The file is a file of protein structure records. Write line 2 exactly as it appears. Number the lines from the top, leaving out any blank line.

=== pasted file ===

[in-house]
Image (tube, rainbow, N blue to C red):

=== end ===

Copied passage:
Image (tube, rainbow, N blue to C red):